Per your opening question, here are some use case documents from this community. As you’ve noted there are lots of different levels of detail and formats. Ultimately, it depends on what you want to capture and how it is going to be used.
I’ve found three distinct views useful for describing a complete system (or specification). For the first two, I like to limit scope to one to three pages. For the latter, to no more than a dozen pages if possible.
The first view is a system-wide view where you illustrated the breadth of the system. This is Section 3 User Needs in the Verifiable Credentials Use Case document: https://w3c.github.io/vc-use-cases/
The “single page” has two facets (which ends up as two pages conceptually). The first is the diagram with a simple name of each use case. This, literally, lets you see the entire set of use cases at once. Of course, other use cases are possible; it isn’t meant to be exhaustive. But it does capture a sense of the many different kinds of things you can do with VCs. It’s also designed to give a quick hit of inclusion to potential adopters who see their needs in that view. The second facet of this view is a short paragraph scenario describing the key interactions in each named use case. Together, this should take one to three pages, again, so it is easy to absorb the entirety of the system in on sitting.
The second view that I’m a fan of are focal use cases, as you can see in Section 5 of that same document. It’s also the primary focus of the current DID Use Case document https://w3c-ccg.github.io/did-use-cases.
The idea here is to focus down into the detail of the most impactful use cases. Here you take the time to drill deeper, roughly one to three pages per use case. The key questions are about user motivation, actual interactions with the system, and consequences. In the VC Use Case work, we added sections on trust hierarchy and threat models and it rounded out the focal use cases quite well. The key here is to pick focal use cases that illustrate the capabilities uniquely enabled by the system. In the system-wide view there may be use cases that can be realized with alternate technology, but with the focal use cases, you really want to highlight how this particular technology enables a solution to a problem simply unavailable elsewhere.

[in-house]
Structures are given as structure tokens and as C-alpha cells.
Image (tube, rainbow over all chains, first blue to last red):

The third view is my own Information Lifecycle Engagement Model for deeply describing the entire lifecycle of individuals interacting with a system. Based initially on how CRM systems manage customer lifecycles, this is the approach used for Joram and for Amira, both papers created through RWOT.
The fundamental goal of an Engagement Model is to present the human experience in human readable language. A relatively brief, almost story-like presentation that describes the full scope of necessary interactions with any information system. It uses a strawman technical architecture to ground questions of feasibility, but it is not meant to resolve the design and implementation details. Instead, it’s to help readers get into the head of the main actors, to empathize and understand how such a system would actually be used from before contact through enrollment, use, problems, exit, and re-engagement.
Some general principles for good use cases:
Focus on a single, value generating interactions with the system. Look for illustrative interactions rather than categorical hold-alls: “withdraw cash” rather than “ATM”, “apply for asylum” rather than “refugee”.
Be concrete, using real names and real situations to enable empathy with the primary actors. Readers should be able to place themselves in those roles and evaluate the viability of the use case as if they were the user. And please, please, use names other than “Alice” and “Bob”. Those are so common in security as to be as useless as “A” and “B”. Nobody remembers which Alice you are talking about. Contrast that with the resonant recall of “Joram” and “Amira”. People who have read those papers know immediately the characters and the situation they are in, even years after initial contact.
Focus on human requirements independent of technology as much as possible. Sometimes you need to refer to tech to make a point, but good requirements capture what people need prior to design and implementation decisions. Things like pin codes and keypads presume design choices in the hardware and interface. Avoid when possible.
Separate background, theory, and interaction–and cut out the theory. Often use case authors intermingle the three:
- background context–required to understand user motivations
- interactions–what people actually do, and
- theoretical or ideological reasoning behind the approach.
Separating the background and interaction help clean up the flow, making it easier to see the step-by-step process the system needs to support for a given use case, without losing the context. About theory: use cases are not the place to make ideological arguments or explain the theory behind the system. Or as they say in show business: show don’t tell.
- Keep it short, but not too short. Readers need to be able to understand the nuance of what makes a use case unique, but they also need to be able to absorb it quickly and without a lot of cognitive overhead. The worst outcome of use case gathering is to create a seemingly endless tome of wisdom that is too intimidating and time consuming for people to read. I had one client who considered their 200+ Jira issues as a useful set of requirements. Unfortunately, none of the developers nor the funder agreed. It was just too much to process.
Those are my starter tips for use case development. I’m a fan of natural language and human readable storytelling as the format for capturing use cases. Andrew Hughes @andrewhughes3000 might be able to share his work on identity assurance use cases he’s been collecting for ISO. He has a more meta-data driven approach than I. Both are valid; each highlights different aspects for different audiences.